Blast From the Past: Thoughts on Georgia’s Juvenile Justice System, Past and Present

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SAVANNAH, Ga. — The Georgia Juvenile Service Association’s (GJSA) 40th Training Summit gets under way this morning, but last night a cross section of GJSA Life Members and long-time professionals flooded the 15th floor of the Desoto Hilton for a Blast from the Past social.

In a room swimming with decades of knowledge, JJIE wanted to know how, and if, the juvenile system in Georgia has improved through the years.

“I think there has been improvement, but there’s room for  more improvement, said Rob Rosenbloom, recently retired deputy commissioner of Georgia’s Department of Juvenile Justice. “We still lock up too many kids who are low-risk offenders. The challenge is to have enough room for the higher risk kids who really need that kind of service.”

Gwendolyn Skinner, director of Devereux Georgia Treatment Network, and former deputy commissioner of the DJJ and a 30-year professional in the field agreed with Rosenbloom.

“It’s not only just room for sheer numbers of kids,” Skinner said. “It’s how you spend your money, because if you’re spending your money on the lower level children then you don’t have the money to buy the treatment, services and support for the higher risk kids.”

Since 1969, GJSA has been the only professional organization for rank-and-file juvenile workers and those in related fields in Georgia. For youth workers like Laura Pike of the rural Thomas County Court system, the networking and professional development opportunities are priceless.

“Outside of conferences like this or state-wide training, which is not offered as much as it was used to be due to budgetary constraints, I don’t get to meet a lot of professionals within my own organization,” said Pike, a past president of GJSA who oversees four counties in southwest Georgia. “I think juvenile probation officers and juvenile workers in general need that kind of professional organization to come together and share resources and get training.”

“When I first started [the DJJ was] a division of youth services, so funds were very scarce,” Pike said. “What we’re looking at now, because of the designated felony statutes, is most of our youth development campuses now are 100 percent full of designated felony kids. Therefore, there’s no YDC [Youth Detention Center] beds for regular commitment kids and they have to have a higher priority to get in the youth development campus.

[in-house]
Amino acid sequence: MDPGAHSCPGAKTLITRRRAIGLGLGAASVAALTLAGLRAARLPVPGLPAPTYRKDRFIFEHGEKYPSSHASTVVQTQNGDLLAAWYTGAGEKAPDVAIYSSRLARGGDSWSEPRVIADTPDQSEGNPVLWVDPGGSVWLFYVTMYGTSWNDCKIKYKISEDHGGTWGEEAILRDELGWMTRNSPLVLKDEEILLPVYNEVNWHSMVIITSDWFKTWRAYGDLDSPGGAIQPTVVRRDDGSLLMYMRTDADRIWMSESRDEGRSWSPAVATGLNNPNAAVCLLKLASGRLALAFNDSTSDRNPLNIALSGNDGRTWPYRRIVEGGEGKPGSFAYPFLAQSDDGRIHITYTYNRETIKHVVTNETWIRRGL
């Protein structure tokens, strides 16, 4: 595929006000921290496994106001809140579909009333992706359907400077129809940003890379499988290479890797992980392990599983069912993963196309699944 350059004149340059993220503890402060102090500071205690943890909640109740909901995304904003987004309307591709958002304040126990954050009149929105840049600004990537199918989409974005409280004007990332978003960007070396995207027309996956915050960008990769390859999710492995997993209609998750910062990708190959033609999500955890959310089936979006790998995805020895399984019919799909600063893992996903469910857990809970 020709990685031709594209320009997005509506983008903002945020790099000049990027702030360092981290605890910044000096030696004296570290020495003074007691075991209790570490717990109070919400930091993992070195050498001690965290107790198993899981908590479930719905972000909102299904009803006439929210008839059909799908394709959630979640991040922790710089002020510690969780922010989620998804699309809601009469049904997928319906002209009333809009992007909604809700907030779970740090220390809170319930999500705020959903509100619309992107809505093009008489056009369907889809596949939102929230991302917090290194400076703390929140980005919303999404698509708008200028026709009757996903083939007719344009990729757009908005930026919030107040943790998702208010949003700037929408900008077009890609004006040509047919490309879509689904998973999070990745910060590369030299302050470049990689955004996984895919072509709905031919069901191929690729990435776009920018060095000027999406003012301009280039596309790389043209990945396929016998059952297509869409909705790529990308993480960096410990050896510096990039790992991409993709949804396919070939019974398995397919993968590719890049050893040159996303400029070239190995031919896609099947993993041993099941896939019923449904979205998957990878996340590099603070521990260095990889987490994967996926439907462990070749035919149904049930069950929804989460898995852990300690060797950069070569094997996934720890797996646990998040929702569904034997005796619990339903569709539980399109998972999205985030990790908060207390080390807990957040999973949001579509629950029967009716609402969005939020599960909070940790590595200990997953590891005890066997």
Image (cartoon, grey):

“I don’t have a problem with that, because I’m fine with community treatment if the community treatment resources are there and that’s where the challenge comes in,” she added.

Chris West, a former assistant deputy commissioner with DJJ and GJSA advisory board member, agreed Georgia’s youth services have improved dramatically through the years. “One, it’s gotten us out of the memorandum of agreement that we were abusing and neglecting kids in our facilities.” West said, drawing on his 35 years of experience inside the DJJ. “We’ve reduced and diverted kids outside of institutions so it’s provided community service for those kids.

“Budget issues are the real big deal,” said West. “Because of the budget issues, we’ve had to cut services and those services are going to affect how we deal with kids in the community.”

Much like the economy, the GJSA has had its ups and downs, according to many legacy members, in part due to its reliance on governmental and departmental budgets to fund conferences and membership. This week’s training summit marks the first large event hosted by the GJSA in recent years and a push to widen the membership base well beyond the public sector.

As West pointed out, however, GJSA hasn’t been the only organization affected by budget restrictions.

“From the angle of kids who enter the juvenile justice system, I think that in some ways things got better,” said Wells Kilgore, Chief Operating Office at Morningstar Children and Family Services –- an organization that provides mental health services to developmentally disabled and troubled youth. “But then funding has fallen off, so we may have seen some improvements and then we’ve seen some dips in those improvements.”

Others see improvements coming because of the leadership of Amy Howell, the commissioner of the DJJ.

“Overall, especially with our new commissioner, we’re heading in the right direction,” said Lisa Casey Bryson, program coordinator with the DJJ. “The number of kids has increased faster than the resources can keep up with them, so it’s hard to take the resources we have and help the number of kids that need to be helped.”

In the end, Bryson said, “it’s just trying to pull the resources together and get the community to be more responsible for kids.”


One thought on “Blast From the Past: Thoughts on Georgia’s Juvenile Justice System, Past and Present

  1. Unfortunately, most of the previous administrators have been the problem. Neither Mr. Rosenbloom nor Ms. Skinner knew how to address the issues in juvenile justice on a comprehensive level. If they had been effective, at some point cycles of recidivism would not have continued on their watch.